Action plan for better data on migration and health


The state of migrant and refugee health data in European health systems is a concern, a new study shows. The analysis by an international coalition of universities, UN organizations, government representatives, and European institutions published in the journal The Lancet Regional Health Europe reveals that coverage of migrant and refugee data remains inconsistent and of suboptimal quality.

According to the study this issue is not due to a lack of knowledge or technological resources but rather arises from multiple political and structural factors at local, national, and European levels that hinder the effective implementation of existing guidelines. The coalition, led by Bielefeld University in Germany and Uppsala University in Sweden, proposes a roadmap for policy makers and European health systems to improve the situation.

They propose four critical approaches for European health systems:

Systematic data collection: Implement strategies that ensure migrant and refugee health data is collected, analyzed, and disseminated in a systematic manner, filling the existing gaps and inform-ing evidence-based policy decisions.

Privacy safeguards and data integration: Capitalise on methods that protect privacy while facili-tating the linkage of data from various sources to generate comprehensive data at relatively low cost. This requires ensuring that the highest standards of data protection are upheld.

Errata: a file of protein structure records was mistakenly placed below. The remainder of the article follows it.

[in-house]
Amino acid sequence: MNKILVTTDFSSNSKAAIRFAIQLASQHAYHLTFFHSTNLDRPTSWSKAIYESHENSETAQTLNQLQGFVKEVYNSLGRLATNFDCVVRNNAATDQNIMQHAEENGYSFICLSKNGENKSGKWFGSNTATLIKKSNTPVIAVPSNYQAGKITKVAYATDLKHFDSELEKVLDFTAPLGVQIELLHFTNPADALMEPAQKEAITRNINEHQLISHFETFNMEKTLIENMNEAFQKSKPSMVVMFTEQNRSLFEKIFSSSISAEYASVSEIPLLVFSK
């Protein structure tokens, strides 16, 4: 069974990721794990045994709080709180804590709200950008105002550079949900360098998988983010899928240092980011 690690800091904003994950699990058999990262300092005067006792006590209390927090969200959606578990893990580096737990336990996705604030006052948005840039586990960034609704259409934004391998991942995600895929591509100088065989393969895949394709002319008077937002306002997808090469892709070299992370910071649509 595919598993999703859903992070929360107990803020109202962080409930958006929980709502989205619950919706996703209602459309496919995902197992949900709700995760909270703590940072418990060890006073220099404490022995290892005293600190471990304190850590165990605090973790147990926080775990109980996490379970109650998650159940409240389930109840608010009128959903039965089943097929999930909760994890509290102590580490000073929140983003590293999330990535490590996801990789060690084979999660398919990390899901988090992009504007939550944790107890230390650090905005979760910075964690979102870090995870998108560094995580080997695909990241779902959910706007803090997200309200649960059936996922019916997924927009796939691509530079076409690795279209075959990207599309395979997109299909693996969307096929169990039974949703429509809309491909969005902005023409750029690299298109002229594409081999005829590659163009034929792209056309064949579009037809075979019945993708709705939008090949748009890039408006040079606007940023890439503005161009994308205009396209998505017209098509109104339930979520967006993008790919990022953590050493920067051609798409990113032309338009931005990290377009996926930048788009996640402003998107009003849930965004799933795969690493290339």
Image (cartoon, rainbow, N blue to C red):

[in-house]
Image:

Inclusive survey methods: Adopt methods that consider the diverse needs and backgrounds of migrant and refugee populations when conducting surveys.

Empowerment through engagement: Engage migrants and refugees in decision-making about their health and health data. Their voices should shape the policies and practices that directly im-pact their lives.

From ad-hoc to systematic approaches

Soorej Jose Puthoopparambil, Lecturer at the
Department of Women's and Children's Health

The WHO European Region hosts approximately 36 per cent of the global international migrant population. Health of migrants and refugees is a question that cannot be ignored, according to Soorej Puthoopparambil, lecturer at the Department of Women´s and Children´s Health at Uppsala University:

‘Countries need to move from ad-hoc to systematic approaches to pro-actively include migrants and refugees in health information systems, thereby promoting equity in health.’

The report proposes a change management approach to narrow the gap between knowledge and action, building a bridge towards healthcare policies and practices that are genuinely inclusive of migrants and refugees.

‘In doing so, societies will not only promote the well-being of migrants and refugees, but will also better serve public health needs of their societies and promote equity in European health systems,’ says Kayvan Bozorgmehr, Professor at Bielefeld University.

News article from Uppsala University


Last modified: 2023-10-23